"What’s that?” Kohana asked.
From behind his desk, dark haired Duke looked up to see Kohana leaning just inside his office door. The window behind Duke’s desk presented a panoramic view of Lake Superior. “What? This?” Looking at the paper, he seized the opportunity to take a little jab at his long time friend and now business partner, Sioux Chief, Frank “Kohana” Whitehead. “Well, Pard’, let me just tell you,” Duke said in his usual deep voice. “It’s 2013 and more precisely," he paused, looking at his calendar and then continued. "Monday, December the 3rd.”
Duke stood up behind his desk and began to roll the newspaper for demonstration. “And this,” shaking it towards Kohana, “is one of the latest technologies in smoke signals. See, how this works is ya…”
“Alright, Sherlock, you’ve had your fun,” Kohana interrupted, laughing. Looking around the office, he noticed Duke’s saddle resting neatly in the corner next to the makeshift coat and hat rack. “And, what is your smoke signal telling you today?” he asked with emphasis.
Duke smiled at his friend and cleared his throat, “All joking aside, there’s a write up here in the paper. Seems there’s some ancient Native American artifacts stolen up in Canada and Maine. That’s why I called you in here; thought you might be interested in working the case with me,” Duke said.
“Where at in Canada? Close to Maine?” asked Kohana. “Two places, two different countries, and both of them artifacts. Hmm,” Kohana sighed. “Well, it’s 11: 50, time for wóyute. How about Cliffside?” he asked.
“Oh!” Duke said looking at his watch, “it is chow time,” he added as he laid his paper down nonchalantly over the wooden basket on the corner of his desk. Scrambling to put on his jacket, he said, “Cliff Side’s fine but, is that all you lnjun’s eat? I mean, ain’t ya got a taste for anything else besides Prairie Baked Buffalo?” Duke chuckled.
Kohana walked over to Duke’s desk. His long, jet black hair hung free on either side of his strong featured face. With a fist over his chest, “Oh, ho, ho. Pale face make funny,” Kohana began, using an old tribal sign language. “Cliffside, don't cost big chief teepee and war bonnet,” Kohana snickered in a mock native broken English.
Just then their new secretary, Sandy, walked in with the mail folded under her arms. “Are you two like this all the time?” she asked, pointing her finger intermittently at both of the men. “I’ve only been here two weeks and I can’t get any work done for laughing at you two. Keep this up and you ain’t gonna get any work done either,” she giggled.
“We’re about to go get some lunch anyways, Sandy. Care to join us?” Duke asked. Sandy, short stack, as they call her, was hired on when the former secretary, Mrs. Stevens retired. She may be short, but she’s as stout and stubborn as any mule and necessarily so to keep up with these two detectives.
Duke McAlester and Frank “Kohana” Whitehead had been friends since their high school days on the track team. During their college years, the two had helped the local police department solve crimes and mysteries with a high rate of accuracy. After college and a short three years in the military, they decided to start their own business and The Don’t Know Detective Agency was born. Because of Kohana’s impeccable tracking skills as an Indian, Duke knew he would make a good detective.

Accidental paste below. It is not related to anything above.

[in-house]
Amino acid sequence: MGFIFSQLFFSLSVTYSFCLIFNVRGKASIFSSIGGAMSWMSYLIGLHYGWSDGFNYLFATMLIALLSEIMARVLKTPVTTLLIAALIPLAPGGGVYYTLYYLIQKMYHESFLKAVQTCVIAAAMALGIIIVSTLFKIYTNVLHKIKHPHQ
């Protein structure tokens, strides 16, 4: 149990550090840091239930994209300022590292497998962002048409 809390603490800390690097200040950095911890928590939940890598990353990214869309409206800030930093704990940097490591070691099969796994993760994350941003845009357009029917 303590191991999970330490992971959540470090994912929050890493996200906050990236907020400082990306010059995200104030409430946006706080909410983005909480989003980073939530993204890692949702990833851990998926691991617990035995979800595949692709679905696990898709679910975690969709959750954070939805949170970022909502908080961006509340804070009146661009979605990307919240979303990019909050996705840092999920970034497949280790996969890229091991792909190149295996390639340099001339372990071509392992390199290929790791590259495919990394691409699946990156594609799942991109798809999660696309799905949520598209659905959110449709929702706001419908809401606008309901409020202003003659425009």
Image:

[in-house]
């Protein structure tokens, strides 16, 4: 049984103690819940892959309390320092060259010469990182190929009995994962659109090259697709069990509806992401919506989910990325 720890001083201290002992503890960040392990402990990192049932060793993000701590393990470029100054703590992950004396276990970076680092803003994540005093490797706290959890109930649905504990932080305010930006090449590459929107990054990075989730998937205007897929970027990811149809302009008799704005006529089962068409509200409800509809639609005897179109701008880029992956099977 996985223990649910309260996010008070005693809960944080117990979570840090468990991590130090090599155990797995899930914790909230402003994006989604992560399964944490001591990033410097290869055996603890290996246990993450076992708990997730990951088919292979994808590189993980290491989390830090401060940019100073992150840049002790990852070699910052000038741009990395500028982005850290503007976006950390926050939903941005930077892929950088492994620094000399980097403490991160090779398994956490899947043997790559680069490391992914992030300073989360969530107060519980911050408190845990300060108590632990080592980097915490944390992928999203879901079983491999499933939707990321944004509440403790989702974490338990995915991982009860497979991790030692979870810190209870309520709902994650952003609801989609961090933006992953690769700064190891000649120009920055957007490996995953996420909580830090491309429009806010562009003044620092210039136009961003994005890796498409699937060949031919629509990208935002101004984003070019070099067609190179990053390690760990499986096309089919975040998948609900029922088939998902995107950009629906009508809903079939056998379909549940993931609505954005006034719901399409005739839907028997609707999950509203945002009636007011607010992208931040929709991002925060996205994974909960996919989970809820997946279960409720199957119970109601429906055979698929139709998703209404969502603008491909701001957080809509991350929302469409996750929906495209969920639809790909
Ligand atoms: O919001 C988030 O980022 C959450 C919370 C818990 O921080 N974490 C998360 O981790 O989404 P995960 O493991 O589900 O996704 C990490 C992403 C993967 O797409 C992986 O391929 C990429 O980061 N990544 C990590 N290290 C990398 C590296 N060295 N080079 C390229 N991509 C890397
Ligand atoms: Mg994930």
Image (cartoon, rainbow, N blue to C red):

Kohana looked at Sandy, flashing his overzealous white smile. He turned to Duke and nodded at the saddle in the corner, “What, your horse still mad at you and you had to drive to work today? Forget your keys, ol’ man; I’ll let you ride with me in my Sweet Sioux,” said Kohana.
Sandy chuckled as she laid the mail over the haphazardly folded newspaper hanging out of Duke’s basket. “Here’s your mail that came in over the weekend, Duke,” she added. "Kohana, yours is on your desk," she finished.
Duke paused just as he began to slide his left arm into his coat sleeve. With an awkward look, he said, “Sweet Sioux. I thought that was ya canoe.”
“Canoe? Oh, you mean my yacht- The Suite Sioux. That so called canoe, she is a 49 foot ice breaker,” chided Kohana. “Here’s your spelling lesson,” Kohana started.
Sandy brushed her loose, dark curls back off of her face and then folded her arms. “I was fixing to leave, but I got to hear this one,” She said in her native drawn out Atlanta Georgia accent as she promptly sat down on the arm of the leather sofa near the door.
“My yacht is spelled S-u-i-t-e Sioux,” Kohana said, using his fingers to write out the letters in the air and then continued, “My jeep, Sweet Sioux, she is spelled S-w-e-e…”
“I get it, I get it,” Duke interrupted. “You know what you can do with that spelling lesson?” he grunted.
Looking over at Kohana now sitting on the right corner of Duke’s desk smiling, "Kohana means swift in his native language,” Duke told Sandy. “He might be fast but the crazy Indian can’t spell a thing; that’s why he names everything he owns Suite Sioux or Sweet Sioux or whatever,” Duke added waving his hand in the air. Looking at Sandy, now doubled over, “or however you want to spell it,” he continued.
“You’d better behave old man or you’ll be riding a borrowed stick horse back to the office,” Kohana finished with a grin. Although raised on a reservation, he went to a public high school and taught Duke to speak his native language.
“Well thanks for the invite, but I’ma pass and give my poor ribs a break from you two,” Sandy said holding her sides as she left the room.
Duke finished putting on his coat and reached for his cowboy hat. Firmly adjusting it on his head, he looked up at Kohana and with a sheepish grin “All right, Big Chief," Duke started with a grin. "Where’d ya park that Sweet Sioux of yours?” Duke asked as he followed Kohana down the hallway to exit.
Duke’s voice faded as they headed down the hallway. “That’s some canoe you got there,” He said, pausing only for a moment and then added, “Really? 49 footer huh?”